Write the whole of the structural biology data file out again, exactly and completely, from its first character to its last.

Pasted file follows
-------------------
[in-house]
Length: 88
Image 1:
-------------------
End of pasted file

[in-house]
Length: 88
Image 1: